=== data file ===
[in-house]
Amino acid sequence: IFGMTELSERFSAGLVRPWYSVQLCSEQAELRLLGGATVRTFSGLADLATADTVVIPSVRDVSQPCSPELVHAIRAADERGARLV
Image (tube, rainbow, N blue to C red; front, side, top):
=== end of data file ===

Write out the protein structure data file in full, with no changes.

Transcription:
[in-house]
Amino acid sequence: IFGMTELSERFSAGLVRPWYSVQLCSEQAELRLLGGATVRTFSGLADLATADTVVIPSVRDVSQPCSPELVHAIRAADERGARLV
Image (tube, rainbow, N blue to C red; front, side, top):